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Very visible politicians are often the most powerful elected officials in a state. But their roles, responsibilities and political futures may be quite different, depending on which jobs they hold. A governor is basically the boss who runs the state. A member of Congress plays a dual role on the national stage and at home, dealing with local constituents and national and international issues.
A governor is the chief executive of a state, a role analogous to the president of the United States in its function, if not in the breadth of its responsibility. The governor makes executive decisions for her state; depending on the circumstances of the state, she may not be actively involved in issues of national politics. Governors work to improve the services and economies of their states; implement, propose, veto and sign state laws; set policies in response to social issues and community needs; appoint state court judges; and manage crises, including disasters. The governor's authority does not extend to national politics or legislation but her influence may well affect national policies and decisions. Governors are directly elected by the citizens of their states, serve the interests of those citizens and are answerable to them and to the president. The role of governor is a high-profile position and a governor is not outranked by any member of Congress.
The United States Congress is a bicameral elected body consisting of a Senate and a House of Representatives. Members of Congress are elected by the citizens of their states -- senators in statewide elections and representatives in district elections -- to act within the legislative process on matters of national importance and in the interests of their individual states. Each state has two senators who represent the entire state for a 6-year term. There are 435 members of the House of Representatives who stand for the districts that elect them to a 2-year term. A state's population determines its number of House members. Members of Congress propose and vote on legislation on matters of national policy; the House proposes revenue legislation and the Senate approves treaties and confirms presidential nominees. To enact legislation, both houses must vote identical bills into law.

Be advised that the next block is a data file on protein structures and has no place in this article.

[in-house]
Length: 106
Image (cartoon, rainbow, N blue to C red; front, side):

Staffs and Support
Members of Congress have staffs who are typically highly qualified to advise on and craft legislation, liaison with constituents in the state, manage the complexities of the office and work behind the scenes to help shape and pass legislation. Governors have a lieutenant-governor, appointed cabinets, expert and influential staffs, and the responsibility to appoint state agency and department heads, the people who carry out and often propose state policy and implement state laws. Governors may also call special state legislative sessions.
Governors may have the advantage when they set their sights on running for president. The governor's job is most like that of the president's: exercising varied skills as the chief executive responsible for making executive decisions; running a complex staff and many government agencies; proposing annual budgets and summing up the state business annually in the State of the State address before both state legislative houses; tending to the business of politics and reelection while running a day-to-day government; raising funds; proposing policies and working to sway popular opinion in favor of them. "The New York Times" points out that twice as many governors as U.S. senators have won their party's presidential nomination and that governors outperform their polling more successfully, logging more votes than members of Congress, whether representatives or senators.
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